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Sharon Begley

Science journalism has changed a lot in the past thirty years. In the old days, the top science writers (with the exception of Martin Gardner, I guess), were explainers whose job was to report the breakthroughs or purported breakthroughs by purportedly brilliant scientists. There’s still room for this sort of science writing—for example, we want descriptions of how the new coronavirus vaccine works—but there are also two new kinds of science writers. I’m thinking of the data journalists like Felix Salmon or Nate Silver who perform their own analyses, and investigative journalists such as Stephanie Lee or Ed Yong who interview people and sift through the evidence. These categories overlap, of course.

I did not know Sharon Begley well—we met only once, and we had a few email exchanges over the years, the first time being a question she asked me about the voodoo correlations paper by Vul et al. I guess I’d characterize Begley as doing traditional science writing but with some of the attitude of the investigative journalist. Science communication is important and so I thought Begley should be recognized, not because she did one big thing but because she was a valuable contributor to the journalistic enterprise. Her life story is here.


  1. Phil says:

    A huge loss to science journalism.

    She’d know how to make this segue, but I don’t. What’s up with this?:

    “She was rumored to carry in her backpack a small doorstop — “shaped like a Russell terrier, about the size of a grapefruit, maybe 3-4 pounds,” according to her son, Dan Begley-Groth — so that she could whack the fender of New York taxis that came too close to clipping her as she walked to and from Grand Central Station. “No one would ever suspect the little old lady,” Sharon would say to her family, though it’s hard to say if this actually ever took place, and her husband said her “rock-in-the-sock kind of thing” may not have been a doorstop.”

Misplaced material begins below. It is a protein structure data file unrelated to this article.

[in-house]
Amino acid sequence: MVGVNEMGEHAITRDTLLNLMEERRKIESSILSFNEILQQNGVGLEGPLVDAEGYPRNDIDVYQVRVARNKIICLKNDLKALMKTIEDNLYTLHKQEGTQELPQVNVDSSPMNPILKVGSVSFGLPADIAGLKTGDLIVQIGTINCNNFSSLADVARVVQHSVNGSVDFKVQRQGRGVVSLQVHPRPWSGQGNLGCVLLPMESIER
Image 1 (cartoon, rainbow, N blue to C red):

So her son gives a very specific description, but the journalist says it may not even have happened, and her husband has yet another take on it? Actually it’s the journalist’s (Eric Boodman’s) comment that seems like the inconsistent one here. The son describes the object, husband says it may not have been a doorstop but doesn’t dispute that there _was_ an object…so why does Boodman say it may not have existed at all? Inquiring minds want to know!

    • I read it that the journalist is saying that there was definitely something carried in the backpack, and it may or may not have been the doorstop, but it’s hard to say whether she ever actually whacked a taxi with it.

      • Phil says:

        Yeah, OK, but how much proof do we need? According to her family, she says she used it that way. Her son describes the object in some detail. Her husband agrees she carried an object. Perhaps the implication is that she carried the object with the intent of using it to whack errant cabs, but that there are no known cases of her doing so. OK, I’ll buy that.

        But if that’s the case, I think the entire weasel phrase “though it’s hard to say if this actually ever took place” could be cut: the rest of the paragraph does not claim she whacked any cabs, it says she carried something “so that she could whack the fender…”. That’s like saying that when I go backpacking I carry bear spray so that I can deter charging bears; there’s no need to point out that I have not necessarily done so. That said, if she carried it with that intent, it’s hard to believe she never used it. I have never been charged by a bear, but even in my few and short visits to Manhattan I would have had some taxi-whacking opportunities, had I been carrying a bag with a 3-pound doorstop.

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